The Inouye amendment would have cut about $5 billion from current spending levels, while the House bill would have cut around $58 billion. Clearly, there is a wide gap between both sides that needs to be closed quickly: the current CR funding the government expires on March 18. The Republican proposal failed by a vote of 44-56 and the Democratic one by a vote of 42-58.
There are bigger budget fish to fry, so a compromise would be the best way to go about building some trust between key stakeholders--something that will be required to tackle the larger portions of the budget, namely entitlements and tax reform, and to develop a longer term fiscal plan.
Not only is the debt limit increase just around the corner, but the deadline for the FY 2012 budget resolution, as set in the 1974 Budget Act, is only a month away--although Congress rarely meets this deadline. Congress has some serious work to do on getting control of the budget, and that includes budget process reform. The fact that we’re now in March debating spending levels for the rest of the year—levels which should have been agreed upon nearly a year ago—shows how dysfunctional the process is.
We need to be focusing on next year’s budget and how we’re going to control exploding deficits and debt down the road. Decisions our leaders make now will help determine whether we look back upon this time as "the age of foolishness" or "the age of wisdom."
In an effort to maintain the momentum created by the President's Fiscal Commission, the commission's co-chairs -- former Sen. Alan Simpson and former White House chief of staff Erskine Bowles -- have reunited to create the Moment of Truth Project. Named after the Commission's final report, the project aims to increase awareness of our country's fiscal challenges, educate people about the choices we face in dealing with them, and promote action on reducing the national debt and deficit. It also hopes to use the Fiscal Commission as an example and framework for how bipartisan agreement on a comprehensive fiscal plan is possible -- after all, the final report did get votes from a bipartisan majority of 11 of the 18 commissioners, including 5 Republicans, 5 Democrats, and 1 independent.
The event began with remarks from the co-chairs, who managed to get some laughs from the audience despite the serious nature of the issues. The introductions were followed by speeches from three senators who voted for the Commission plan: Sens. Tom Coburn (R-OK), Mike Crapo (R-ID), and Kent Conrad (D-ND). All gave high praise to the work of the co-chairs and the report they developed. While they might not agree with everything in the plan, there was strong emphasis on the need to put aside partisan differences and put the best interests of the nation first.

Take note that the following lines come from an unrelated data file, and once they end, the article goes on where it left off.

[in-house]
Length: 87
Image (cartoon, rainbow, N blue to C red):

Following these initial speakers was a panel discussion featuring David Gergen (a veteran of political affairs and now a professor at Harvard), Jeffrey Liebman (also a Harvard professor), and Donald Marron (director of the Tax Policy Center). Jeff Liebman called the report an "extraordinary document" because it makes a serious effort to address our deteriorating fiscal outlook and it garnered bipartisan support, making it "politically feasible."
Following the panel discussion and wrapping up the event were remarks from Sen. Dick Durbin (D-IL), who also served on the Commission and voted for the final report, and Sen. Mark Warner (D-VA), who is leading an effort with Sen. Saxby Chambliss (R-GA) as part of the "Gang of Six" trying to craft legislation based on the Commission's recommendations.
The overall message of the event was that the problems we face are serious, but we can solve them if we are willing to work together. Hopefully the Moment of Truth Project will be able to call greater attention to this critical issue and continue to advance the debate. The Commission can and should serve as an example of how lawmakers from opposite ends of the political spectrum can come together and agree on a serious proposal that would get a handle on our unsustainable deficits and debt. There are many plans to choose from, as you can see in CRFB's table of fiscal plans here, but the Moment of Truth proposal is garnering bipartisan support from lawmakers.
We hope Congress and the White House will show true leadership and work to develop, debate, and decide on a credible and comprehensive plan to put us on the path to a sustainable fiscal future.
Two important events are lined up for today. First, the Senate Budget Committee will hear testimony from Erskine Bowles and Senator Alan Simpson, co-chairs of the President's Fiscal Commission. They will speak about the final report of the commission, The Moment of Truth.